I don't know but I think this line of questioning may violate forum guidelines (or be twisted in that direction) which is why I'm recommending lets talk about something else ya?

Hmm... not sure in what way we would be violating forum guidelines.
I certainly am not advocating child marriage in any way, shape, or form.

I was attempting to convey two things.

One, that -- while I agree most "age of majority" laws are arbitrary -- there probably is a sound biological reason to set a certain minimum age, below which certain things are not allowed. This is supported by brain research and cognitive development studies which show that certain faculties are not fully developed until much later in life than we have been wont to assume.

Two, that individuals develop individually, so there is no hard and fast arbitrary age at which we can assume that everyone will suddenly become, say,
a responsible consumer of alcoholic beverages. As you point out, some people may achieve maturity in that area at 16; others may not have achieved it
at 30.

If I had to pick an absolute arbitrary minimum age, below which I would consider anyone still a child, regardless of their level of maturity, it would probably be somewhere between 16-18. Split the difference, and call it 17. Sure, some mature younger people might feel that's unfair, but part of maturity is realizing that a) you can't always get what you want; b) some things are worth waiting for; and c) that our judgment -- for any of us -- may be suspect in some areas and for various reasons. This harkens back to my first point; below a certain age a person is likely not yet to have achieved the level of physical brain development necessary to have developed full maturity in certain cognitive functions.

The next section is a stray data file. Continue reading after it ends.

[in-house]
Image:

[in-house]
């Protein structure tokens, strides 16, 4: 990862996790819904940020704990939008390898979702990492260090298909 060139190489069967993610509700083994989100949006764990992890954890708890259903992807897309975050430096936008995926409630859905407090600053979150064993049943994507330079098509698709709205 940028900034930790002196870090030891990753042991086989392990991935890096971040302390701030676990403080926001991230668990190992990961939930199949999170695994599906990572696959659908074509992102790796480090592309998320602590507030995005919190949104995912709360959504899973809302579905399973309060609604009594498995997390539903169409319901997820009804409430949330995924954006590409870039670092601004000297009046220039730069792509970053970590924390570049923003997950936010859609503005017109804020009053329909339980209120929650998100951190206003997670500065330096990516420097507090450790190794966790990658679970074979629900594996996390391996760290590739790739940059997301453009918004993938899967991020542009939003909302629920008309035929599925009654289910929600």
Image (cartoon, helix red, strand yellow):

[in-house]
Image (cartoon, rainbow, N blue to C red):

Then there is the fact that the age at which various rights are granted has always been politically motivated to some degree. I grew up in a state where the drinking age used to be 18, and had been that way for decades. That fact, along with the age of conscription into military service (also 18) were, in fact, two of the things used to argue for passage of the 26th amendment, giving 18-20 year olds the right to vote. "Old enough to drink; old enough to kill; old enough to VOTE!" went one form of the argument.